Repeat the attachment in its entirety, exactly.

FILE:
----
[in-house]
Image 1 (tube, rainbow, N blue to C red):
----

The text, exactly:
[in-house]
Image 1 (tube, rainbow, N blue to C red):